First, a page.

As research continues to prove LSD’s (Lysergic Acid Diethylamide) therapeutic viability, studies continue to pour in exploring the effects of certain stimuli and how they can affect the psychedelic experience.
Mendel Kaelen, a graduate student of neuroscience at Imperial College, has been focusing on how music in particular interacts with the brain on LSD. In his effort to stay true to the scientific method while incorporating music into psychedelic therapy, Kaelen has stumbled upon the formula for the perfect LSD soundtrack.
In a pilot study published last year, Kaelen and his peers returned to a classic theme of the ’50s and ’60s, “Do psychedelics enhance the emotional response to music?”
“If music is too familiar, it can reduce the ability to have a new experience, because you already had an experience with that song before in your life.”
In the study, five instrumental tracks were played to ten volunteers on two different occasions, one of which they were administered a placebo, and the other, LSD.
Ambient and neo-classical tracks proved to be the most effective at eliciting emotional response, namely by artists Greg Haines, Brian McBride, Ólafur Arnalds, Arve Henriksen.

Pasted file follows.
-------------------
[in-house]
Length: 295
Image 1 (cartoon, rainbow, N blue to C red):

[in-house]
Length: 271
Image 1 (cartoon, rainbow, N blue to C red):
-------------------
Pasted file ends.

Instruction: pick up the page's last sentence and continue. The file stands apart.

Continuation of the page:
Essentially, due to the challenging environment of an MRI scanner, especially for someone on an acid trip, Kaelen leaned towards more uplifting and positive sounds like that of Robert Rich.
As for the structure of the playlist, it’s not a constant. People are naturally nervous before the drug takes effect, so calming and reassuring sounds are at the onset. Approaching the peak, music turns more rhythmic, and during the peak, music straddles different emotional intensities according to Kaelen’s “pendulum effect.” Additionally, Kaelen produces his own experimental electronic music, so he has the ability to mix and adapt the spacing and volume of the playlist to suit the design of the study’s experience.
“People started to realize that it’s not the drug itself that provides a therapeutic effect; it’s the experience that the drug is able to produce in interaction with the therapist, with the environment, that has that potential.”
It’s seriously worth it to check out Motherboard’s original article. If you’ve made it this far, I guarantee you’ll find it fascinating.